Lilongwe Water Board (LWB) has expressed strong reservations on the planned graphite mining close to Kamuzu II Reservoir Dam fearing that water disposal from the mining activity would affect groundwater.
LWB has 74 000 customers in Lilongwe City and its outskirts who could be affected by the mining.
Sovereign Metals Limited, an Australian company, was granted a mineral exploration licence and has since established the presence of graphite, a non-metal mineral commonly used as a non-oil lubricant and in cell phone batteries, among other functions.
LWB chief executive officer Alfonso Chikuni confirmed in a questionnaire response on Monday that the board wrote Sovereign Metals Ltd to voice out their concerns.
He said: “Any drilling activity, if no safeguards are put in place, is bound to affect the hydrology and the mining itself will most obviously affect the raw water quality due to disposal of mining waste.”
In the event that the environmental and social impact assessment (Esia) gives a go-ahead for the mining, Chikuni said LWB would encourage government to ensure that strict safeguards and a monitoring and evaluation framework are put in place before any mining activity kicks off.
LWB wrote Sovereign Metals Ltd in April this year expressing their concerns on environmental and social safeguards of the project.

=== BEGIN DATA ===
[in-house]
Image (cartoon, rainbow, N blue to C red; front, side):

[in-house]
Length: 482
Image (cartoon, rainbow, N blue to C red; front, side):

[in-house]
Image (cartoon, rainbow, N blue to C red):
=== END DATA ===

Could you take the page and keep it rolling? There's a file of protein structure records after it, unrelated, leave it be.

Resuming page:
In the letter, LWB noted that portions of the proposed area for mining are overlapping with the Kamuzu Dam II buffer zone and these should not be included in the project areas.
The pits Sovereign Metals Ltd drilled during the exploration exercise were observed to be close to the dam reservoir.
“This is not acceptable in order to avoid negative impacts to the water quality and water yield in the dam reservoir,” the letter reads.
LWB also forecast that contaminated water from the project sites should not be flowing into the dam reservoir or the groundwater as this could affect consumers, aquatic life and the ecosystem.
The Malingunde Graphite Project has also come under fire after community members in the area complained of unfair compensations after some received as little as K700 for crop fields where drilling for collection of samples was undertaken.
Sovereign Metals Ltd country manager Andries Kruger, however, said LWB concerns are being considered and form part of the Esia studies.
In response to a questionnaire, Kruger said no mining activities would be undertaken in the buffer zone.
He said if the project goes ahead, water management infrastructure would be designed to minimise the potential impact on surface and groundwater quality.
“As part of the Esia process, an Environmental and Social Management Plan will be developed which details the management and mitigation measures to ensure any impact is minimised and a programme is put in place to monitor the effectiveness of management measures,” Kruger said.
A pre-feasibility study was expected to be completed this month and if it proves that mining is viable, the company is expected to decide whether to proceed with the project and apply for a mining licence.
Currently, there are ongoing specialist studies whose results will be incorporated into the Esia report to be released by end of this year.
As part of its fieldwork, the company has started drilling as part of data collection and to support the feasibility study.
In 2017, global market prices for graphite ranged from $750 (about K551 250) to $1 525 (about K1 1 million) per metric tonne.